In Biden’s native state of Delaware, disputes over voting procedures have brought the U.S. Constitution into question.
A person is permitted to vote absentee if he or she is unable to get to the polls on Election Day due to public service, business, or vocation. Also permitted to vote absentee are spouses and dependents who reside with or accompany someone in these situations. Other exceptions include sickness or physical infirmity, vacation, and a person’s religious beliefs or teachings.
The office of the attorney general contended that voting by mail is not absentee voting. Nonetheless, it asserted that the constitution’s clause on absentee voting does not prevent the General Assembly from permitting universal voting by mail.
In 2020, when MPs utilized their emergency powers to enable universal voting by mail due to the coronavirus outbreak, they clearly stated that the constitution’s list of absentee voting grounds is “exhaustive,” indicating that no further justifications are permitted. Invoking their emergency powers, they also accepted that they must comply with the Constitution unless doing so would be “impractical” or entail excessive delay. They then determined that complying with the absentee voting clause of the constitution would be “impracticable.”
The registration period for a general election cannot commence more than 120 days or fewer than 60 days before the election, according to the Constitution. Additionally, it cannot conclude more than 20 days or fewer than 10 days prior to the election.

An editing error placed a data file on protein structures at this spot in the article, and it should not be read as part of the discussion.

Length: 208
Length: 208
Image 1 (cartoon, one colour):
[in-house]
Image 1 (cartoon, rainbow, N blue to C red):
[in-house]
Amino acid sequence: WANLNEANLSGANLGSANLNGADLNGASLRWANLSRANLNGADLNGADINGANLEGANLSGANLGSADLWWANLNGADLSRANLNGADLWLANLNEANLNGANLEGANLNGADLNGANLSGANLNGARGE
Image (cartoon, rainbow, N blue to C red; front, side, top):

Vice Chancellor Nathan Cook upheld the same-day registration statute in Delaware last month, but ruled that the vote-by-mail bill, which Democrats hurried through the General Assembly in less than three weeks, violates constitutional prohibitions on absentee voting. Each bill received exactly one Republican vote in June and was signed into law by Democratic Governor John Carney in July.
Kathleen Jennings, the Democratic attorney general, appealed Cook’s decision invalidating the vote-by-mail statute. Cook’s ruling maintaining same-day registration was challenged by Republican attorneys representing voters, a candidate for the state house, and a Department of Elections staffer.
Friday, the Supreme Court of Delaware declared that new state rules permitting universal voting by mail and registration on Election Day are unconstitutional.
In a three-page opinion, the judges ruled that Delaware’s vote-by-mail act impermissibly increases the categories of absentee voters listed in the state’s constitution. They stated that the same-day registration regulation violates with the registration periods outlined in the constitution.
More on this story via The Republic Brief:
The Supreme Court upheld Cook’s ruling on the vote-by-mail law but said his decision allowing same-day registration should be reversed.
“I am very pleased the court recognized that the language of the constitution really matters. This is a win for the rule of law,” said state Republican Party chair and former attorney general Jane Brady. Brady and Georgetown lawyer Julianne Murray, the GOP nominee for attorney general, represented plaintiffs challenging the new laws. CONTINUE READING…